Railway police amp up security for home-bound Bihari workers during Chhath
The Government Railway Police (GRP) deployed special teams at Delhi, Kanpur and Mughalsarai to guard the scores of Bihar migrant workers travelling home for ‘Chhath’ festival who attract robbers.india Updated: Nov 02, 2016 20:56 IST
The Government Railway Police (GRP) deployed special teams at Delhi, Kanpur and Mughalsarai to guard the scores of Bihar migrant workers travelling home for ‘Chhath’ festival who attract robbers.
During this time of the year, migrant workers are targeted by ‘nasha-khurani’ gangs who drug their victims to rob them, GRP Patna superintendent, Jitender Mishra, said, adding special railway police teams were deployed in plainclothes too to ensure security and nab gang members.
A senior GRP official of the East Central Railway (ECR) said migrant workers are soft targets due to the sheer number of them travelling during the festival season. During Bihar’s most popular Chhath festival, lakhs of workers travel back home in Bihar-bound trains from Delhi and other distant places.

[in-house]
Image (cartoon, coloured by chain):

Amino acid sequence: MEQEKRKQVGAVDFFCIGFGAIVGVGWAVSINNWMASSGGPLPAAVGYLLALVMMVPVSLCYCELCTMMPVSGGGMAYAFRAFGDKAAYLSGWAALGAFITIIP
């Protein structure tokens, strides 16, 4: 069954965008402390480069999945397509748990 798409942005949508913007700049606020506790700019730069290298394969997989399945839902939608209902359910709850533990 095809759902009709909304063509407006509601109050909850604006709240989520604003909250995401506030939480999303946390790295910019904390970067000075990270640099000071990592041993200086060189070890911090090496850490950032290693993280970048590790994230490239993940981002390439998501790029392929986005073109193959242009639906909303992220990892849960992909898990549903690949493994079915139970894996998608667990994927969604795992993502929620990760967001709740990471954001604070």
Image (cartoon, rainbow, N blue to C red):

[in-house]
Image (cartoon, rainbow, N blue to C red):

Mishra said the railway police teams will alert passengers and advise them what to do and what not to during the journey to protect them and their belongings. Railway police teams will also monitor each coach of trains, keep close watch at platforms before trains depart and check suspects.
“Railway police teams have been cautioning passengers before boarding (trains) and giving tips on how to alert police if they suspect anything wrong during their journey,” he said.
According to railway police officials, the gang members’ modus operandi includes befriending passengers first. Once a rapport is built, thieves offer tea, coffee, biscuits, khaini (dry tobacco) or other consumables laced with sedatives or intoxicants. As victims become drowsy and/or unconscious, the robbers steal the valuables.
Most of migrant workers carry money, new clothes and other valuables with them to gift back homes on the occasion of Chhath.
“Gang members travel with migrant workers as one of them, which poses real danger, as they also speak the same language, including Bhojpuri, Maithili and Magahi, and interact with them as natives of same district or same block, if not same village. This way, they win over the confidence of fellow passengers,” another railway police official said.
Drug usage has become rampant during festivals, particularly on Bihar-bound trains from Delhi, Punjab, Gujarat and Mumbai.